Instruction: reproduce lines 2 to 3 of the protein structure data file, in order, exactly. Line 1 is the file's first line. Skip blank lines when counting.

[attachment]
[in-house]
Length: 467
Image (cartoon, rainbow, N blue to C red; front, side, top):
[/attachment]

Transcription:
Length: 467
Image (cartoon, rainbow, N blue to C red; front, side, top):